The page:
The latest lecture recording Chen posted on his website was on the "Intellectual youth during the Cultural Revolution" by Michel Bonnin, a French scholar and professor at Tsinghua University.

There were other lectures, with titles such as "Political consideration in civil lawsuits," "Rule of law in China" or "Justice." There is nothing that might immediately give authorities cause for alarm, but the discussions are almost always liberal-oriented.

Chen selects only lectures or talks that are public and uploads them only onto domestic video sharing websites.

"That way, the lectures would have already been screened by the university and education authorities and the websites, which would mean they have the highest chance of surviving," said Chen. He said using sites that require proxies to visit would defeat the purpose of letting more people see them.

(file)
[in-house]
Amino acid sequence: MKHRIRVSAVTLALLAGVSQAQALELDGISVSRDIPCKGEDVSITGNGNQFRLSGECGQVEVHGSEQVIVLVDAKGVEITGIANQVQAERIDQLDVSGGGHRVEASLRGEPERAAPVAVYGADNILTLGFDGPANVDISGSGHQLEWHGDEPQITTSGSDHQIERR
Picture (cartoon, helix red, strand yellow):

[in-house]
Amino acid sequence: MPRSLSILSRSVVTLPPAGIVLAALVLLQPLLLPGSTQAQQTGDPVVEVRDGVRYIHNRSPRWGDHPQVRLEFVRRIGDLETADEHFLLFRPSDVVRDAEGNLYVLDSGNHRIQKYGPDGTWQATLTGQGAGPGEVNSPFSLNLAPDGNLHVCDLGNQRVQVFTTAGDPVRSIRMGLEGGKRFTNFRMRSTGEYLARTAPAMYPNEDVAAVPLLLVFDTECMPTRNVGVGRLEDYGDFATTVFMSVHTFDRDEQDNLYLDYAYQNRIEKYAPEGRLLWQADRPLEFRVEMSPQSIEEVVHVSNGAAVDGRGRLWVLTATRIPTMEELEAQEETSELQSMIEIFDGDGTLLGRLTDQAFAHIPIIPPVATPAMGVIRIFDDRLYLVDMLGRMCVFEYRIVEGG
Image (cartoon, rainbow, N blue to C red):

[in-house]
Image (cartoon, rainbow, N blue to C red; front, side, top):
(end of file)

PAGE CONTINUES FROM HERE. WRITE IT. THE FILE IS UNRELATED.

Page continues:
For safety, Chen doesn't provide transcripts of the lectures, nor does he encourage discussions on the website. Censoring texts is easy but in a two-hour lecture, the sensitive content may only make up a very small part, and the authorities may not have the patience to listen to the entire lecture or speech, explained Chen.

In the guideline section on his website, Chen asks users not to reply or comment on lectures. There are only a few comments on his website, despite his QQ chat group having over 400 members. While the chat group isn't constantly abuzz with comments, members do sometimes post new lectures and strike up discussions on Mao Zedong or history.

For more vibrant discussions, Chen recommends that users go to other platforms, including, a Hainan-based website that some see as the exact opposite of rightist website Utopia. The editor-in-chief of the website, who goes by the name Mu Mu online, disagrees though. He describes as a "neutral platform with a relatively high concentration of liberals."

Another platform is "Athens Academy," a website mainly serving law students and professionals. Its slogan roughly translates to "Universal rule of law; creating a thinking China." The website allows any user to write blog posts and join discussions on topics related to law. It has been shut down twice since it was founded in late 2005.


Humble beginnings